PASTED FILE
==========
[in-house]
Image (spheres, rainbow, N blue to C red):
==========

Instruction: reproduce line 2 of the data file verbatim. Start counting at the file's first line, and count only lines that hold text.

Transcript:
Image (spheres, rainbow, N blue to C red):